Pulp.net - Ala Hlehel

The Online Home of New Fiction

November 2008
My Literary Top 10:
Ala Hlehel

Top 10
Best short story I’ve ever read
Since it is impossible to answer this question, I’ll answer it with the additional qualification “that I recall”. So, the short story I remember as the best now, was written by Palestinian writer Mahmoud Shukair, and is called ‘My cousin Condoleezza’.
Book that should be on the national curriculum:
Palestinian writer Imil Habibi’s novel The Secret Life of Saeed: The Pessoptimist. It is a great piece of art, a masterpiece of modern Arab writing, dealing with political issues.
Best ‘film of the book’
Didn’t read this kind of book, didn’t see this kind of a film.
The most scary question you have even been asked?
Once, I was asked by my first girlfriend: Do you think I’m fat?... I still don’t answer this kind of question! Not under any circumstances!!!
My favourite opening line of a novel
“This narrow and small road shouldn’t be called avenue in the first place, but the high and old trees surrounding it give the people the nerve to call it so, despite the fact that there couldn’t be any avenues in a small village”. (My translation)
My favourite novel that no one else seems to have heard of
Al-hamishi, written by the great Palestinian author Ryad Baydas.
The book I’d most like to reread, if I could find it again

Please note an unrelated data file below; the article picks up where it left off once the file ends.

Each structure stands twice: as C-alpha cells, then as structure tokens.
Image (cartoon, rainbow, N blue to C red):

When I was young I read a novel called ‘Dying from love’ (again, my translation), which I couldn’t find anywhere when I looked for it again. It doesn’t help that now I don’t even remember the author’s name.
My favourite bookshop
Eben Rushd, an Arab bookshop in Paris.
Author I’d like to nominate for the Nobel Prize for literature
Mahmood Darwish, the famous Palestinian poet. He succeeded in building a perfect poetry project, a modern and deep one.
Deceased author I’d most like to jam with
The Arab ancient poet and author Abu Al-Alaa’ Almaaree. The story goes that one day he was eating jam, and he was blind, so his beard was full of it. One of his students came and asked him to clean himself. He took that as a big humiliation and never again ate jam till he died. I want to have lunch with him and help him eat his favourite jam again.
Ala Hlehel is Palestinian, but his short story, ‘My Husband is a Bus Driver’ (featured in Banipal Live mini-anthology Unbuttoning the Violin), will resonate with anyone who has sat on the back seat of a bus and dreamed about a better life over the chugging of the engine. Ala was born in Jesh, Galilee, in 1974 and graduated from the Tel Aviv School of Screenwriting and Haifa University. He has written numerous short stories, plays, and scripts for film and TV, and in 2003 he took part in an international playwrights’ residency at the Royal Court, London. He has received a number of awards for his work, among them the 2003 Young Writer Award from the AM Qattan Foundation. Ala has also worked as a radio presenter in Haifa and, until recently, was editor-in-chief of Al-Madina weekly newspaper there. He lives in Acre.